Biographical sketch of Orville Sutherland Cox, continued

3 Heading West

An incident that illustrated the pioneer life of 1845-6 is told in the story of the “Last Match.” In the winter of 1845-6 Orville S. Cox and two Whiting boys, cousins of Elvira, went from Pisgah with ox teams and wagons down into Missouri with a load of chairs to sell. Whitings had a shop in which they manufactured chairs. Being successful in disposing of their chairs, and securing loads of bacon and corn, they were almost home when and Iowa blizzard, or hurricane, or cyclone, or all in one, struck them. They had no modern “tornado cellars” to flee into and no manner of shelter of any kind. The cold was intense; the wind came from every direction; they were all skilled backwoodsmen and knew they were very close to their homes; but they also knew that they were hopelessly lost in that swirling wind and those black clouds of snow. They and their oxen were freezing, and their only hope of life was in making a fire and camping where they were. Everything was wet and under the snow, and an arctic wind in the fierceness of unclaimed violence was raging around them. At first, they unyoked the oxen that they might find some sort of shelter for themselves. Then with frost-bitten fingers they sought in the darkness and storm for dry fuel. The best they found was damp and poor enough—and now for a match. Only three in the crowd, and no such matches as we have in these days either. Inside a large wooden bucket in which they fed grain, they carefully laid their kindling. Then turning another bucket over it to keep out the falling snow, and hugging close over the keep the wind off, they lifted the top bucket a little and one of the Whiting boys struck a precious match. It flickered, blazed a moment against the kindling, and was puffed out by a draft of wind. Another match was taken, and it died almost before it flared. Only one match remained to save three men from certain death. Their fingers were so numb they could not feel, and every minute increased the numbness. “Let Orville try; he is steadier than we”, they said. So Orville, keenly sensing his responsibility, took the tiny splinter of wood, and struck the spark; it caught, it blazed, and the fire lived and grew.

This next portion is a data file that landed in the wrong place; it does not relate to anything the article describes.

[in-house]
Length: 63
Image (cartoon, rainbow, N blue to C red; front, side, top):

Now they were in the woods and the fuel was plentiful and soon a roaring blaze was swirling upward. The cattle came near, and although their noses and feet were frozen, their feet grew new hoofs and their noses healed of frosted cracks. When the storm broke and light appeared, they found themselves only a few rods from their home fences.

For a good reason, Orville was not in the Battalion draft. The Whiting boys, Sylvester Hulet, and Amos Cox were. But Orville was very busy manufacturing wagons. It was told of him that he found a linch-pin and said, “I’ll just make a wagon to fit that pin”. He prepared as good and serviceable an outfit as his limited means would allow for the long dreary journey to the mountains. Two home made wagons, without brakes—brakes were not needed on the eastern end of the journey—two yoke of oxen, three yoke of cows, a box of chickens on the back of a wagon, a wife and two children, with bedding and food, was the outfit that started across the plains the last of June, 1847, singing the song “In the spring we’ll take our journey. All to cross the grassy plains.” He traveled in the hundred of Charles C. Rich, known as the Artillery Company. Cox was captain of one of the tens. Oh! The seemingly endless level prairie! The monotony was terribly wearing. When Independence Rock was sighted, and again when Chimney Rock was sighted, it was a wonderful relief. Great land marks they were, in that unsettled country. Now they were sure they were approaching the Rocky Mountains, especially the children longed for that goal.

One evening at camping time, 4:00 P.M., a herd of buffalo were sighted about two miles away. The people were very hungry for a piece of fresh beef, so Father and one companion shouldered their guns, snatched their percussion caps and powder horns, and started to “try a hunter’s luck.” About sunset they got their steak, a generous load of the best cuts from the Buffalo, and started for camp. On and on they went. What they thought was a two mile stretch lengthened and lengthened, and their loads of meat grew heavier and heavier. They began to think they were lost; but the camp fires and stars told them they were going in the right direction. Finally they decided to fire their guns. This they did, and it filled the camp with alarm, lest the hunters were in danger. Two or three men rushed away in the darkness to give aid, and they fired their guns to locate the hunters. Several shots brought them together. “Help us with this grub pile,” they said. Help was given. They reached the camp at 11:00 o’clock. It must have been six miles or perhaps ten to the herd of buffalo. They were now in the clear air of the uplands and could see much farther than they had been able to see in the Mississippi valley. The next morning all in the camp had a feast of fresh meat.